A legal conflict between the mother-son owners of a Harris Street “problem property” in downtown Juneau complicates one owner’s cleanup efforts.
Co-owner Camilla Barrett’s power of attorney David D’Amato explained Tuesday night the legal issues surrounding 401 Harris Street at an Uptown Neighborhood Association meeting at Holy Trinity Episcopal Church.
More than 60 community members attended the meeting with questions for representatives of the Juneau Police Department and the City and Borough of Juneau.
Jacqueline Tupou’s family owns the Arctic Corp building, which until recently housed the Juneau Community Charter School.
She said the building will install 12 new cameras outside the building to deter crime.
“The neighborhood is really, really concerned about these problems,” Tupou said. “We’ve tried to be a good neighbor and put in lots of good cameras because sometimes good neighbors involve having good cameras, and that’s kind of where we’re at with our neighbors there.”
Tupou’s building sits across the street from the house at the center of the neighborhood’s concerns.
The Harris Street house is owned by Juneau resident James Barrett and his mother, Camilla Barrett, who lives in Washington state.
In recent years, the residence has become a regular fixture in the city’s police logs.
Juneau police have logged more than a hundred incidents — ranging from parking complaints to drug activity — at the address since the beginning of 2017.
In June, a confrontation between a neighbor and visitors to the home escalated into gun shots.
No one was injured, but neighbors Tuesday were visibly frustrated with what they believe is a lack of response from police.
Police responded to a noise complaint July 6 near the property, which led to three arrests outside the house.
Neighbors asked police at the meeting why all the calls, search warrants and arrests associated with the home have not been enough to shut it down.
Juneau Police Chief Ed Mercer understood their frustration, but said police must build a solid case to convict anyone.
Receiving 911 calls doesn’t help them unless they can get good evidence.
“We need good witnesses, we need people to say ‘that person did that’ … If we were able to build a solid case on it, we would move forward with it,” Mercer said. “I know it’s frustrating, I know it’s scary.”
Camilla Barrett pays D’Amato to be her power of attorney and to make decisions on her behalf regarding properties she owns in Juneau.
He oversaw the eviction of tenants from those properties, but told neighbors Tuesday that it appeared some of them had merely moved in with James Barrett.
After the meeting, D’Amato rushed to catch a flight but speaking by phone from the airport said that his goal is to get 401 Harris Street cleared out in the coming months.
“We cleaned up the Bergmann; we cleaned up the rental houses; we got the lot squared away,” D’Amato said. “We’ve done tremendous, tremendous work in the last 18 months. We still need to get this one done. … We’ll get this done, I’m not worried about it.”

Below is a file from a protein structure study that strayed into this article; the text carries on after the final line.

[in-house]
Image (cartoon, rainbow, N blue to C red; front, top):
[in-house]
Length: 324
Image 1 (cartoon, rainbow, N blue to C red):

Camilla Barrett previously attempted to file for legal guardianship of James in court in December 2017, D’Amato said, due to his health problems and concern that he could not take care of his property. The case was dismissed in February.
Now they’re trying to another legal tactic, called partition — a kind of divorce between property owners, but not quite.
“The problem is, right now, two parties have half of a cake and they say we can’t agree on how to eat or distribute this cake,” he said.
The judge will decide whether one party buys the other out or the property will be sold and the profits split.
D’Amato is confident the partition will be successful. Then several steps will be taken to legally evict and remove James Barrett and the other people living at the house.
Camilla Barrett wants to see the property cleaned up just as badly as the neighbors do, D’Amato said.
James Barrett could not be reached for comment.
The Uptown Neighborhood Association will hold a follow-up meeting Aug. 7.
- Across Alaska, crime is up. Department of Public Safety released its Uniform Crime Report, comparing 2017 to 2016. The department said that statewide crime rose by 6 percent last year, as part of part of a longer-term increase in Alaska crime.
- Quinhagak’s new museum is home to 60,000 artifacts, the largest collection of pre-contact Yup’ik artifacts in the world. The opening was the culmination of nine years of back-breaking work, and the result of a unique partnership between Quinhagak’s village corporation and archaeologists.
- The death of a pack-rafter in Wrangell St. Elias National Park this month raised awareness about proper preparation for the increasingly popular sport of floating backcountry rivers in tiny ultralight inflatable boats.
- In their own words, four of low-profile candidates describe why they’re running.